LAP has been shown to predict incident diabetes [24] and all cause mortality [25]. Whether increased LAP confers an excess risk of CVD or not has not directly been addressed. Less is known concerning the performance of LAP as compared to the measures of general and abdominal adiposity. Our primary focus in this study, therefore, was to assess if LAP can outperform BMI, waist-to-height ratio (WHtR), or waist-to-hip ratio (WHpR) in predicting incident CVD.

Methods

Study population

Detailed descriptions of the Tehran lipid and glucose study (TLGS) have been reported elsewhere [26]; in brief, the TLGS is a large scale, long term, community-based prospective study performed on a representative sample of residents of district No. 13 of Tehran, capital of Iran. Age and sex distributions of the population in the district were representative of the overall population of Tehran at the time of the baseline examination. A total of 27,340 residents were invited by telephone call, of which 15,005 residents (54.9%) aged ≥3 years participated. The TLGS has two major components: a cross-sectional prevalence study of non-communicable disease and associated risk factors, implemented between March 1999 and December 2001, and a prospective follow-up study. Data collection is ongoing, designed to continue for at least 20 years, at 3-year intervals. Participants were categorized into the cohort (n = 9375) and intervention groups (n = 5630), the latter to be educated for implementation of life style modifications. For the current study, of those aged ≥30 (n = 8,071), we selected those who participated in the follow-up study until 10 March 2009 (n = 7,133). After exclusions (382 missing data), 6,751 (2,964 men) participants remained eligible (response rate 95%). At the time of this study, the median follow up time was 8.7 years. Participants were provided with information regarding the result of their examinations and were given suitable advice. Informed written consent was obtained from all participants and the ethical committee of the Research Institute for Endocrine Sciences approved this study.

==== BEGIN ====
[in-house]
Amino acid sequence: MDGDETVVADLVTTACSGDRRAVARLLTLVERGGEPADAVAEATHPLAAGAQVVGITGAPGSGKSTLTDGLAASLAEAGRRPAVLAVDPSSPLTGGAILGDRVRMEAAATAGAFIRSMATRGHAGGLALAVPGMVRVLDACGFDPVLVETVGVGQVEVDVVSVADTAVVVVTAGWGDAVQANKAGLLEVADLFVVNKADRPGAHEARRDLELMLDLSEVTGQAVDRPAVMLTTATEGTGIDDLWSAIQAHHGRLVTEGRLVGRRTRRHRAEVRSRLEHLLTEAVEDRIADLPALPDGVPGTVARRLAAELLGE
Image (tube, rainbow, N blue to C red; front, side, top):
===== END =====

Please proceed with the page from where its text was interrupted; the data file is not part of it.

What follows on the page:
Clinical and laboratory measurements

A trained interviewer collected information using a pretested questionnaire. The information obtained included demographic data, family history of premature CVD, past medical history of CVD, and smoking status. Weight was measured, with subjects minimally clothed without shoes, using digital scales (Seca 707: range 0.1-150 kg) and recorded to the nearest 100 g. Height was measured in a standing position without shoes, using tape meter while shoulders were in a normal alignment. Waist circumference (WC) was measured at the umbilical level and that of the hip at the maximum level over light clothing, using an unstretched tape meter, without any pressure to body surface and measurements were recorded to the nearest 0.1 cm [27]. BMI (kg.m-2) was calculated as weight (kg) divided by square of the height (m2). WHpR was calculated as WC (cm) divided by hip circumference (cm) and WHtR was calculated as WC divided by height (cm). After a 15-minute rest in the sitting position, two measurements of blood pressure were taken, on the right arm, using a standardized mercury sphygmomanometer (calibrated by the Iranian Institute of Standards and Industrial Researches); the mean of the two measurements was considered as the participant's blood pressure.

A blood sample was drawn between 7:00 and 9:00 AM from all study participants, after 12 to 14 hours overnight fasting. All the blood analyses were undertaken at the TLGS research laboratory on the day of blood collection. Plasma glucose was measured using an enzymatic colorimetric method with glucose oxidase. Fasting plasma glucose (FPG) measurement was performed for all participants, and the standard 2-hour post-challenge plasma glucose (2h-PCPG) test for those not on glucose-lowering drugs. Total cholesterol (TC) was assayed, using the enzymatic colorimetric method with cholesterol esterase and cholesterol oxidase. High-density lipoprotein cholesterol (HDL-C) was measured after precipitation of the apolipoprotein B containing lipoproteins with phosphotungistic acid. TGs were assayed using enzymatic colorimetric assay with glycerol phosphate oxidase. Analyses were performed using Pars Azmon kits (Pars Azmon Inc., Tehran, Iran) and a Selectra 2 auto-analyzer (Vital Scientific, Spankeren, Netherlands). All samples were analyzed when internal quality control met the acceptable criteria. The intra and inter-assay coefficients of variation were both <2.2% for plasma glucose, and 0.5 and 2% for TC, respectively [26].